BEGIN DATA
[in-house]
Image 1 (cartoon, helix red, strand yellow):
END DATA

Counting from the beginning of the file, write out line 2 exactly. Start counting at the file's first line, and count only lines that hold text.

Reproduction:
Image 1 (cartoon, helix red, strand yellow):